CENTENNIAL, Colo. -- The Broncos stagger clumsily into their season finale against Kansas City, losers of 10 games and eight by double digits. They suffered their longest losing streak in 50 years, finished with their third worst road record, and displayed fundamental and undisciplined breakdowns.
Pick a stat, beyond the defense's overall body of work, and it reflects poorly on the Broncos, and, as a result, first year coach Vance Joseph. They rank 26th in penalties per game at 7.3 with rookie left tackle Garett Bolles second overall among offensive linemen with 10. They rank 25th in red zone points. Other than C.J. Anderson's admirable push toward a 1,000-yard season, the offense regressed again, undermined by a porous line (47 sacks, fourth most) and awful quarterback play (20 interceptions, tied for second highest).
The Broncos have played three quarterbacks this season. Only one -- Trevor Siemian -- has won a start. Paxton Lynch, who is 0-1, takes over for Brock Osweiler, who finished winless in four starts, though he delivered the team's lone road victory with a gutsy relief performance against the Colts.
The Broncos had hoped Lynch would start last week, but he lacked confidence in practice in his injured left ankle. Joseph decided Lynch wasn't ready. He is now, and faces a Kansas City Chiefs team that will likely rest some starters with a playoff berth clinched.
"We want to see (Lynch) play," Joseph said. "That hasn't happened. Our goal is to win the game. But again, with it being a quarterback issue going into the offseason we want to see him play. We want to see what this player is."
It will be difficult, if not impossible, for Lynch to change minds Sunday. General manager John Elway has prioritized finding a starting quarterback as his top priority. The Broncos are casting a wide net in their search, looking at free agents, possibly Washington's Kirk Cousins or one of Minnesota's three quarterbacks, and potential draft picks. With one game remaining, the Broncos own the sixth pick overall. Elway seemed to send a message to Lynch by scouting Wyoming's Josh Allen in full view of the ESPN cameras during the Famous Idaho Potato Bowl. The Broncos will also watch Oklahoma's Baker Mayfield in person at the Rose Bowl.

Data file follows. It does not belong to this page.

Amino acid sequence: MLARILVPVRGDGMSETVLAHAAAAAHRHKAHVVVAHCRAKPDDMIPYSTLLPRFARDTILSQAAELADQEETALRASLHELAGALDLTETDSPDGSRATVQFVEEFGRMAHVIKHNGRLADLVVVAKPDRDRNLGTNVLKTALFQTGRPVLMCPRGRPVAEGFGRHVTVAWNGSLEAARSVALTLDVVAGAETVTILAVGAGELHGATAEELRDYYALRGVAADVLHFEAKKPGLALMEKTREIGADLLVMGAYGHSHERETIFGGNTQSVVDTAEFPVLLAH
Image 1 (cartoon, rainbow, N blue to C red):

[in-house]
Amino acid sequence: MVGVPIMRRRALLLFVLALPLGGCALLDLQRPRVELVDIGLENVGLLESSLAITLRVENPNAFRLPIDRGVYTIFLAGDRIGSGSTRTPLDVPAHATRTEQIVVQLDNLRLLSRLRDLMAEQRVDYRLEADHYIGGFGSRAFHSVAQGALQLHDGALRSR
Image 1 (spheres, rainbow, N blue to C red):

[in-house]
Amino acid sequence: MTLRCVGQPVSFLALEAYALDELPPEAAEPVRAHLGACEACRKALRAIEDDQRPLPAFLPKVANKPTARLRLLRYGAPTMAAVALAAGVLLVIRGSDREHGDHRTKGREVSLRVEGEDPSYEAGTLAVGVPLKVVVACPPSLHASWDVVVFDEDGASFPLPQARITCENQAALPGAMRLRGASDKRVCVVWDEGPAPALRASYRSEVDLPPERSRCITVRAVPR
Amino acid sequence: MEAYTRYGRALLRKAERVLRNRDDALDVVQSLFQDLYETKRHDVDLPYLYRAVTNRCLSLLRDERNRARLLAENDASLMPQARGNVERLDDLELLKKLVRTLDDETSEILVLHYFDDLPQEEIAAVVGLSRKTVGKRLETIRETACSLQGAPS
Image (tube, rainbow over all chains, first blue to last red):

This week marks the end of a forgettable season. This Broncos' issues extend beyond quarterback. They face a third straight season of needing to upgrade the offensive line (if they sign a free agent quarterback, they could go left tackle with their first pick, and move Ron Leary back to left guard). And the defense will probably get younger at multiple positions. The line of players who are expected to be asked to restructure their contracts will be long, likely including Demaryius Thomas, Brandon Marshall, Darian Stewart, and others.
Joseph has appeared safe with two wins in the past three games. He's in the first year of a four-year contract with the Broncos reluctant to fire him, leading to their fourth head coach in five seasons. However, the NFL proves it's never safe to say never. At the minimum, as I wrote Sunday, changes are likely in the coaching staff.
Losing is only part of the issue. It's how the Broncos have lost that has left an indelible imprint, as this year's draft class has failed to contribute other than Bolles. The Broncos struggled to be competitive for long stretches. They were outscored on the road by 106 points, where they had a minus-11 turnover margin. They haven't won an AFC West road game since Peyton Manning retired. Any chance of respectability was squandered with home collapses against the previously winless New York Giants after a bye week and the lowly Cincinnati Bengals.
Change is certain. It starts at the quarterback position this week with Lynch, but that figures to be only a hint of what lies ahead.